You mention anarchist organization, and that takes me to the Neubauten Supporter Initiative that Erin and you started to avoid depending on record labels… There was some kind of self-organization going on within.
There was a bit of self-organization there, yes. In the last period, Phase 3, we told them that there would be a big supporter event. And when we were offered to play in the not yet demolished Palast der Republik in East Berlin, we decided that would be it. It’s not to be mixed up with the released video, that’s from one day later, but before that. We played with no barricades, no stage, no security… People were getting up at five in the morning to help transport the packaging to the hall, Jennifer Shryane later wrote the book, other people did other preparations… They organized all themselves. It was beautiful, one of the highlights of our life career, in a way, to be able to play a concert with no financial side to it and no security. That gives you a little bit of hope about that some self-governing structures are thinkable and doable. And that of course does have some political aspects.
In Was is ist the choir seems also to be organized.
That was the so-called Social Choir: a hundred supporters went to choir rehearsals, we developed a different language with signs for all things to do…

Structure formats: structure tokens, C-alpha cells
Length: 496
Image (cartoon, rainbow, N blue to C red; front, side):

You were somehow acting like a theatre director.
In a way, it is very often that I’m acting as a director, yeah. I direct musical material.
You used for the participants the word Unterstützer (supporter) instead of Anhänger (fan). Active supporters more than passive consumers or fans.
It is also a structural term. There are beams in a building that give structural support, and the building is in this case Einstürzende Neubauten… They act like a beam that supports the structure. That was my train of thought. But, of course, in England you also call the follower of a soccer team a supporter. [Laughs]
Alles Wieder Offen record was financed entirely with supporters, so there was no commercial record label behind.
It was fully funded by supporters, yes. We started Phase 1 in 2002, that’s when Erin invented crowdfunding. Funny enough, now the Stanford University wants to buy our whole archive, because it’s the beginning of crowdfunding.
Showing your creative process was one of the part of it, not just the rehearsals but the whole process; that’s risky, because some people only like finished products… But it helped to build community.
I don’t know if my intention was to build community, but I guess that for a normal band it wouldn’t be that interesting to show that process. We will do the same thing again this year: we’re doing Phase 4 now.